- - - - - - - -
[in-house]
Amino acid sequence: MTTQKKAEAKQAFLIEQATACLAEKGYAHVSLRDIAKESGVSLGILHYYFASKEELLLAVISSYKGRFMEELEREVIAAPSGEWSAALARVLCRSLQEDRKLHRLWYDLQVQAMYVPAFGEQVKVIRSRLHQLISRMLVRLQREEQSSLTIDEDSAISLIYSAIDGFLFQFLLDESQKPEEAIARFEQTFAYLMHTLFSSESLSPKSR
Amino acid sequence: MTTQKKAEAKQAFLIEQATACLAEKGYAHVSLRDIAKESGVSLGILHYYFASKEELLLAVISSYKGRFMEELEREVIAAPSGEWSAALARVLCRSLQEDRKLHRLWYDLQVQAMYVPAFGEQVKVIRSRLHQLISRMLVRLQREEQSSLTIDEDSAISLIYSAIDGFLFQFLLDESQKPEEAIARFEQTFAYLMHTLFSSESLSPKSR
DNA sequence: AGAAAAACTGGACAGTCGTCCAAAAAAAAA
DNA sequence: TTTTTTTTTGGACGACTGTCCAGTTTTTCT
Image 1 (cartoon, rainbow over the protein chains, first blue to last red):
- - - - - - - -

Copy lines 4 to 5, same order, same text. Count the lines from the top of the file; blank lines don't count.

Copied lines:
DNA sequence: AGAAAAACTGGACAGTCGTCCAAAAAAAAA
DNA sequence: TTTTTTTTTGGACGACTGTCCAGTTTTTCT